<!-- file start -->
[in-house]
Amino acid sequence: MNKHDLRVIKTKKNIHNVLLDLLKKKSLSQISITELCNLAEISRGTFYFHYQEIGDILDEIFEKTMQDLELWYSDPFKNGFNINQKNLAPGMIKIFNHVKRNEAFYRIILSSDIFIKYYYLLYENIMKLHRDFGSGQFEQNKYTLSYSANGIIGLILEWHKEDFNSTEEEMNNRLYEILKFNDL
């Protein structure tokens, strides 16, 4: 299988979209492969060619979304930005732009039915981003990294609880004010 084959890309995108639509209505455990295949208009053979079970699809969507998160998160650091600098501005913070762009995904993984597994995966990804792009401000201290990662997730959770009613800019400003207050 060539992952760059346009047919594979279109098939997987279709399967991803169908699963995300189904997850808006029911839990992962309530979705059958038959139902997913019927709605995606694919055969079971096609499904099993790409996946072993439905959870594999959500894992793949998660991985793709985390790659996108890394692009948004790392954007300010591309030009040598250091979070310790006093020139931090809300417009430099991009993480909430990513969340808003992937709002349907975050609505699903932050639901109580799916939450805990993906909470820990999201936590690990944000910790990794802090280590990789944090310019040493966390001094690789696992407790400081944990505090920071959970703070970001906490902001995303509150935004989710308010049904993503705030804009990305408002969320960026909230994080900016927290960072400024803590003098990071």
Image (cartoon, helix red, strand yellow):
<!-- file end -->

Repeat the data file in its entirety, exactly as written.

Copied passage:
[in-house]
Amino acid sequence: MNKHDLRVIKTKKNIHNVLLDLLKKKSLSQISITELCNLAEISRGTFYFHYQEIGDILDEIFEKTMQDLELWYSDPFKNGFNINQKNLAPGMIKIFNHVKRNEAFYRIILSSDIFIKYYYLLYENIMKLHRDFGSGQFEQNKYTLSYSANGIIGLILEWHKEDFNSTEEEMNNRLYEILKFNDL
């Protein structure tokens, strides 16, 4: 299988979209492969060619979304930005732009039915981003990294609880004010 084959890309995108639509209505455990295949208009053979079970699809969507998160998160650091600098501005913070762009995904993984597994995966990804792009401000201290990662997730959770009613800019400003207050 060539992952760059346009047919594979279109098939997987279709399967991803169908699963995300189904997850808006029911839990992962309530979705059958038959139902997913019927709605995606694919055969079971096609499904099993790409996946072993439905959870594999959500894992793949998660991985793709985390790659996108890394692009948004790392954007300010591309030009040598250091979070310790006093020139931090809300417009430099991009993480909430990513969340808003992937709002349907975050609505699903932050639901109580799916939450805990993906909470820990999201936590690990944000910790990794802090280590990789944090310019040493966390001094690789696992407790400081944990505090920071959970703070970001906490902001995303509150935004989710308010049904993503705030804009990305408002969320960026909230994080900016927290960072400024803590003098990071």
Image (cartoon, helix red, strand yellow):